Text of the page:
Destruction and Memory on the Athenian Acropolis

Article excerpt

The Parthenon, constructed between 447 and 432 BCE on the Athenian Acropolis, stands as the most lavish, technically refined, and programmatically cohesive temple on the Greek mainland, a fitting commemoration of the Athenians' spectacular and unexpected victories in the Persian Wars (Fig. 1). The immense, all-marble structure was designed around a colossal statue of Athena Paithenos, depicted by the sculptor Pheidias fully armed, and with an image of the goddess of victory, Nike, alighting on her left hand (Fig. 2). In its architectural sculpture as well, the Parthenon repeatedly alluded to the Greeks' struggle against the Persians, for instance, through famous mythological contests: battles between men and centaurs, Athenians and Amazons, Greeks and Trojans, gods and giants.

An intriguing but rarely noted feature of diese batde narratives is that they combine images of effortless victory with those of valiant but unmistakable defeat. The Parthenon's south metopes, for example, included not only scenes of men triumphing over centaurs but also images of these human protagonists caught, wounded, or trampled to death by their bestial opponents (Fig. 3). So, too, on the west metopes and the shield of Athena Parthenos, we see dead Athenians as well as dead Amazons (Figs. 4, 5). These scenes of loss, although neglected by scholars, were in fact critical to the Parthenon's visual program; they represented, through the distancing guise of myth, the price paid in human suffering for the achievement of Greek victory.

Scholars have often stressed the thematic importance of the Persian Wars of 490 and 480-479 BCE for the art of Classical Athens, above all, for the Periklean building program on the Acropolis.1 But they have not paid sufficient attention to the Athenians* most direct experience of the wars: the destruction of their city's major sanctuaries by the Persians in 480 BCE^sup 2^ and the sack of the entire polis in 479.3 The visual program of the Parthenon, shot through with scenes of suffering and loss, suggests the merit of reexamining the temple in diese terms. So does the building's site, on the Acropolis - indeed, on the very foundations of an earlier temple destroyed by the Persians.

It is thus heuristically useful to consider the Parthenon as a response to the ancient world's most famous - and notorious - act of iconoclasm. At the same time, it is important to show how this response was neither inevitable nor easily achieved. It was instead the culmination of a lengthy process, one that is rarely studied, but worth our attention, because it helps to illuminate the end result. This process includes a series of Athenian responses to the Persian sack, from the reuse of architectural fragments in the citadel walls to the sculptural program of the Periklean Parthenon. As the display of damaged objecLs gave way to reworkings of the story within the timeless world of myth, the memory of the sack became increasingly divorced from its historical foundation.4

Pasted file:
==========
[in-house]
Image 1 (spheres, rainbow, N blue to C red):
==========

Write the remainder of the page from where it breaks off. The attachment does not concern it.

This analysis of the Parthenon and its antecedents has also a broader significance as part of the history of Orientalism, a topic of much recent interest for scholars of Classical Greece. Philologists have researched the use of Orientalist tropes in various literary genres,5 while art historians have analyzed such topics as the depiction of Persians in Greek art,6 the reception of Achaemenid material culture in Athens,7 and representations of the Persian Wars in public Athenian monuments.8 One hitherto neglected area of inquiry has been the interconnections between Orientalism and iconoclasm. The destruction of an enemy's sanctuaries was commonplace in ancient warfare, and had been practiced by Greeks as well as Persians. Yet following the Acropolis sack, such iconoclastic activity came to be seen as a paradigmatic example of "Orientar impiety and violence. This consistent and highly influential theme of Orientalist discourse originated in the Early Classical period and culminated in the Periklean Parthenon. …